A lot will depend on the Spanish Supreme Court decision. It is sad that things will be kicked into the long grass until after the municipal elections in May, however the much more significant election will be to the Basque Parliament in 2013. So when Brian Currin spoke of a two year timescale, it seems clear that legitimization in time for the 2013 election is the more realistic aim.

Unknown said...

Great analysis. The Spanish State may have the legal means to disenfranchise hundreds of thousands of Basque voters, but public opinion is the single most powerful force in the world- far more powerful than their imperialist constitution. In practice the Spanish State won't be able to keep the Abertzale movement down now that it is fully committed to peaceful and democratic means. Violence gave the Spanish State an excuse to violate democracy- the excuse will now be alot harder for them to find or justify.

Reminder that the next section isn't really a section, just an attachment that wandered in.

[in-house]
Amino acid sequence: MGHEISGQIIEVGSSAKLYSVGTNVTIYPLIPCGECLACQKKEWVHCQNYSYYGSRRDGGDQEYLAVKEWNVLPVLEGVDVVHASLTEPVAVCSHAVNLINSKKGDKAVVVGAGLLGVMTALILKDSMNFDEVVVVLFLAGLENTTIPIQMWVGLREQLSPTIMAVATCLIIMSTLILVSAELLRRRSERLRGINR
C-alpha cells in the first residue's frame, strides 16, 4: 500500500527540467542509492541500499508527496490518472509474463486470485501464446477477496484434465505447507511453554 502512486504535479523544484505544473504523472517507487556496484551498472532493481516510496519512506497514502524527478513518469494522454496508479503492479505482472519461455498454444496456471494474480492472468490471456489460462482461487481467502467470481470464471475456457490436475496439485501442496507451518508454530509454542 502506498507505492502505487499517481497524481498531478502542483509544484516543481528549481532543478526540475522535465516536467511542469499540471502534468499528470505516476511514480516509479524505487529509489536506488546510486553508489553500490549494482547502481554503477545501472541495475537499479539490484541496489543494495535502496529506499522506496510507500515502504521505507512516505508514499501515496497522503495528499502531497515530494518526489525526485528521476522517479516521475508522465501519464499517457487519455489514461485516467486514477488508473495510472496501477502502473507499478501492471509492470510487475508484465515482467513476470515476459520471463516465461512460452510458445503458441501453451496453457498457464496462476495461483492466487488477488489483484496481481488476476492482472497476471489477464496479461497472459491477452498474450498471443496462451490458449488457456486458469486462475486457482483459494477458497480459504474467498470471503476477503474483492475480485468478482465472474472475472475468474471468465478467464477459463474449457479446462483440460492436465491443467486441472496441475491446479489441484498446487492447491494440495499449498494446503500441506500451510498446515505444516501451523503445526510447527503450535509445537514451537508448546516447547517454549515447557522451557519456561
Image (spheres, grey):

MH said...

People might find this website useful for keeping track of events from the perspective of the broad nationalist left:

The video in "Recent Videos" from Al Jazeera (made in the middle of January this year) is quite informative.

Anonymous said...

For more background on the [predominantly] South African-N Irish-Basque mediatory arch formed around Currin, see the hour-long subtitled documentary 'Pluja Seca' from Catalan Television (TV3). Interesting also the history of SAfrican global peace paradiplomacy leading up to its engagement with the BC:

Anonymous said...

MN - I hope you're right but I don't share your optimism, nor do the Basques I speak to.

The Spanish Cortes said that Ibarretxe's peaceful 'free association' plan of 2004 was uncostitutional - and that was short of independence and it asked for a referendum before hand. The Spanish state will procrastinate and not coply with any international ruling. They will be backed at the UN by France and Russia and China for obvious reasons.